Ditching the ‘just in case’ approach

  • This was printed in November of 2014 in The Madera Tribune, a newspaper in Madera, California. This was the 78th installment of my weekly column, Mind Over Miles.

Have you ever stuffed a suitcase full of “just in case” items, only to find

that at the conclusion of your trip, you’ve used only 10 percent of what

you packed?

When I started to list the things I’ll “need” to take with me on my

upcoming 50-mile race, I realized that having peace of mind — meaning

all of my “just in case” items — was going to result in a pack heavier

than a newborn baby.

For the San Joaquin River Trail 50 Mile Run on Saturday, my list of

“essentials” is as follows: GPS watch, water bottle, salted caramel Gu

energy gel, salt capsules, a buff to wipe away sweat and snot, lip balm,

sunscreen, cell phone for taking photos, Band-aids in case I fall down

and cut myself or get blisters, ibuprofen in case I get a headache, Tums

and Pepto Bismol tablets in case I get a stomachache, Body Glide in

case I chafe, and toilet paper in case … well, you know.

The race is 50 miles long with more than 9,000 feet of elevation gain

(slightly less than two Half Domes stacked on top of each other).

Wishfully thinking I’ll be able to keep a pace of about 5 miles per hour,

which means I’ll be continuously running (and walking) for 10 hours or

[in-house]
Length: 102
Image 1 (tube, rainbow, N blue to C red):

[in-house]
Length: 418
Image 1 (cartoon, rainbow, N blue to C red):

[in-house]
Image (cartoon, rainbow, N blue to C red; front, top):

more. That’s a lot of time, and a lot of miles, in which anything can


The race’s aid stations, which will provide first aid, hydration and a

plethora of snack foods to meet anyone’s cravings, are five miles apart.

When running on highly technical trail consisting of uneven terrain,

rocks of all sizes, mud, slippery piles of leaves, wildlife and their

droppings, and more, from sun-up to sun-down — a lot can happen in

five miles.

Still, chances are, I’m not going to use 90 percent of what I think I’ll


Looking over my list, I had an epiphany: I’m approaching the carefree

world of ultramarathon trail running with the fear and attitude of a road

racer. As a road runner, I want to be comfortable, I want to be prepared

and I want to be fast.

On the trail, all of those “wants” need to be chucked out of the proverbial

window. Fifty miles is not going to be comfortable, I’m not going to be

prepared for everything that happens out there, and I’m not going to be


So, along with those “wants” I’ve decided to chuck my newborn-sized

pack and most of its “essentials.” The only thing a runner should need

on that terrain is a decent pair of shoes.

Along with wearing my shoes and GPS watch, I’m going to carry a

handheld water bottle and top it off at each aid station. And that’s it.

Well, maybe I’ll keep a little bit of the toilet paper.


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